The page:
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The three skeleton mystery

Jake

This week's post is about age indicators on bones. Telling an animal's age can be easy when they are young, because there are lots of indicators with teeth (like my one), bone size and unfused bones, but the exact age of adult skeletons can be very difficult to say exactly. Even for deer, where I have lots of comparative skulls, teeth wear at different rates whether the deer eats grass or heather, so generally you can only say whether a deer is "very young", "juvenile", "adult" or "old" rather than a precise age.

But this week's post is a mystery too, and I'm hoping some experts have some ideas. If you're in a rush, just go down to the very end of the post, where I put the question I would like ideas about !


The mature adult skeleton


Here's the teeth, which are often a good way to age a skull, and the bottom jaw usually shows wear better than the top teeth. All six adult teeth are through, which happens in red deer at about 30 months.  The very back cusp (spike) on the back molar (just out of shot on the right) is worn as well, which put it at over four years. When seen from above the brown inner part of the tooth is wider than the white, making it quite worn, and an older deer. The brown part is more than twice as wide as the white enamel, which The Deer Initiative [PDF link] say is a sign that this deer is in older middle age, or between 9 and 12 years old.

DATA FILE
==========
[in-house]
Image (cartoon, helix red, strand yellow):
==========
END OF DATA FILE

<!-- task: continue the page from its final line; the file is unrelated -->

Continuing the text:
This is the underside of the braincase. The first crack isn't visible, because it has fused, which shows this is an adult skull. The second crack hasn't yet fused, which shows it is not yet in old age.


The front nose bones are still loose from the skull, which again shows it isn't in old age.


I have noticed on my skulls that the pedicles, (which are the small tower of bone that the antlers grow on) get shorter and fatter in older deer. This pedicle is wider than any other deer I have.